• headerbg4

Verdell Hinton, Hurricane

When Verdell Hinton retired to his hometown of Hurricane in 1985, he planned to spend many happy hours in his woodshop. He did not plan on becoming the driving force of a vital historic preservation movement or donating thousands of hours to saving Hurricane's past. All that changed when he attended a meeting to discuss preserving the town's red-sandstone WPA library.

Verdell was soon leading the effort to save the library building as a pioneer museum, obtain the surrounding properties, and develop a historic park at the intersection of Hurricane's two major streets. Most reasonable people in town were ready to abandon the plan after the Church of Jesus Christ of Latter-day Saints declined to donate an adjacent property crucial to the project's success. But as one friend notes, "Lists of reasonable people might not always include Verdell." Verdell persevered until he obtained a one-dollar per year lease on the property and saw the project through to its completion.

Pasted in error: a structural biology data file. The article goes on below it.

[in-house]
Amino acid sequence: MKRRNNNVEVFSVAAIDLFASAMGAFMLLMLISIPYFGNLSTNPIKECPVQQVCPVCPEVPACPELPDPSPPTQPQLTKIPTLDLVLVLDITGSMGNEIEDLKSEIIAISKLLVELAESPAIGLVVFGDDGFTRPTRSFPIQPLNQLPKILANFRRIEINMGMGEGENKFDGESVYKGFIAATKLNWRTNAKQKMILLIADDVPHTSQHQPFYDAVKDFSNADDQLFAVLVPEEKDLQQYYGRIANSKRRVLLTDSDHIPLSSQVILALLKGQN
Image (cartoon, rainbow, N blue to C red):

Energized by this success, Verdell took up the banner of the Bradshaw House. Hurricane's first permanent home, the Bradshaw House was near collapse and slated for demolition. The Washington County Commission's initial refusal to support saving the house nearly crushed the efforts to preserve it. Verdell's tenacity carried the project forward despite early setbacks.

The impressive list of projects where Verdell played crucial roles includes, the T. M. Hinton House, the Old Hurricane Fort, the Canal Memorial, and the listing of several local buildings in the National Register of Historic Places. Moreover, he helped create a preservation movement in Hurricane that now extends beyond his personal efforts.

That movement will have to find a new leader now. This fall, Verdell and his wife moved to Oregon to live with their son. Verdell's vision and leadership, however, has insured Hurricane's pioneer heritage will be enjoyed by generations to come.